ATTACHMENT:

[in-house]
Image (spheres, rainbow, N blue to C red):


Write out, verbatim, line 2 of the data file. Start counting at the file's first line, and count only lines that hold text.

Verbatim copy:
Image (spheres, rainbow, N blue to C red):